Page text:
Saturday, December 6, 2008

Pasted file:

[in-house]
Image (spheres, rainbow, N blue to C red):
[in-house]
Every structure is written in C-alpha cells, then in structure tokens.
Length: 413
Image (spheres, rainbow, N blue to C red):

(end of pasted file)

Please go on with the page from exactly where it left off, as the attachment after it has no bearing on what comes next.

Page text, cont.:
It is three fifteen A.M. when I first notice I'm awake. The ambient temperature in the bedroom is cool and I pull the blanket higher and snuggle deeper into my big foam pillow. I lift my head to catch a glimpse of the lighted clock dial on my bedside radio. Nothing biological is giving me any warning signals. Then I hear it, a single high pitched electronic beep. It is a familiar sound. Another thirty seconds passes and there it is again. Somewhere in the darkness a tiny alarm is sounding. I push back my warm nesting material and climb out of the hole I've pressed in the space age Swedish foam covering the top of my mattress. I teeter in my half sleep and move through the darkness to try and find my flip-flops. Two possibilities, Bebe's cell phone, or the low battery signal of one of several smoke alarms. My brain boots up and I stand in the darkness trying to use my bat senses to locate the needy unit. My deductive reasoning starts into auto mode. The beep is too loud for Bebe's phone. That's good. Her phone is usually buried deep in the recesses of her purse and once you locate the purse your real job begins, finding the dying phone amongst all the necessary items she has there. So it must be the smoke alarm. I stand in the hallway and close the bedroom door so Bebe won't awaken. I don't know why because to my memory she has never heard one of these early morning beeps. My first instinct is to go to the junk drawer and see if we have any nine volt batteries. If not, perhaps a well placed shot from my nine millimeter will quiet the incessant irritation. Aha, one battery left. Now to the garage to retrieve the six foot Aluminum step ladder. It is an older vintage ladder, light weight but with the strength of a modern beer can. A little red light blinks periodically on the smoke detection alarm located just outside my bedroom door. The ceiling in this part of the house is twelve feet. I push my brain into math mode and figure if I stand on the rung next to the top one and stretch back with my extended right arm I should be able to grip the plastic case. I set up the ladder on the slippery polished tile of the hallway and begin my ascent. As my right leg pushes the remaining two hundred and thirty pounds of my accumulated mass skyward my thigh reminds me of the leg workout I did yesterday afternoon, I wince with each successive push. The ladder twists ever so slightly with my every move. Only my shins are pressed against the top rung. I attempt a backwards reach with my right hand, my left hand is in firm contact with the top rung of the ladder. I am short. I stand full height and pretend there is a net below the ladder of sufficient strength to catch me if I go into an uncontrollable wobble. I manage to twist the plastic case with my right hand and reach back with my left and unplug the electrical wires from the unit. I'm now ready to replace the battery. I open the plastic hatch and see a yellow nine volt battery. It is the cheap kind you get at the dollar store. I replace it with its cheap cousin I found in the junk drawer. I manage the task in reverse this time and slowly descend the ladder. I'm once again on Terra Firma. I wonder as I put away the tools and discard the old battery why the batteries never go out during the day? I always change them in the wee hours of the morning. I'm sure it's some government mandated regulation having to do with productivity and not having to stop tasks to change batteries. I might as well post now, I'm up.